"Gun-related deaths significantly lower than 20 years ago, study finds"
SALT LAKE CITY — Gun-related murders have dropped by nearly half since the early 1990s, according to a new study released by the Pew Research Center.
The report comes on the heels of legislators around the country attempting to pass legislation to combat the proliferation of so-called "assault weapons" in the hands of American citizens. Lawmakers cite the tragic shootings in Aurora, Colo., and Newtown, Conn., as recent examples of why firearms need to be more regulated.
The report shows that gun-related deaths were highest in 1993, when there were approximately seven deaths per 100,000 Americans. The rate significantly dropped to 3.8 deaths per 100,000 by 2000, and continues to fall, dropping to 3.6 deaths per 100,000 in 2010.
"Compared with 1993," the report states, "the peak of U.S. gun homicides, the firearm homicide rate was 49 percent lower in 2010, and there were fewer deaths, even though the nation's population grew."
The study also found that violent crimes involving a firearm also decreased, seeing a 75 percent drop in crimes.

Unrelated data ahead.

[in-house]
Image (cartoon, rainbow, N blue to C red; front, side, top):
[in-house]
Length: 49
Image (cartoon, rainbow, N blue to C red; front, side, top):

"The victimization rate for other violent crimes with a firearm — assaults, robberies and sex crimes — was 75 percent lower in 2011 than in 1993," the report says. "Violent non-fatal crime victimization overall (with or without a firearm) also is down markedly (72 percent) over two decades."
The rates dropped most in the late ‘90s, as lawmakers passed federal legislation — Federal Assault Weapons Ban — in 1994 to prohibit the purchasing of semi-automatic firearms. The ban, however, expired in 2004 and there has been no increase in gun-related deaths, according to the study.
"Looking back 50 years, the U.S. gun homicide rate began rising in the 1960s, surged in the 1970s, and hit peaks in 1980 and the early 1990s," the study says. "The plunge in homicides after that meant that firearm homicide rates in the late 2000s were equal to those not seen since the early 1960s.
"The sharp decline in the U.S. gun homicide rate, combined with a slower decrease in the gun suicide rate, means that gun suicides account for six-in-10 firearms deaths," the study continues, "the highest share since at least 1981."
Despite the recent attention of gun-related deaths, and the nationwide attempts to curb the sale of semi-automatic firearms and high capacity magazines, Pew found that many Americans are unaware of the lower crime rates. In a recent survey, Pew found that 56 percent of Americans believe gun crime is higher than 20 years ago. It found that only 12 percent of Americans believed gun crimes were lower.
Nevertheless, mass shootings are still a public concern, and deserve attention, Pew said. However, Pew found that such violent acts were a "relatively small share of shootings overall."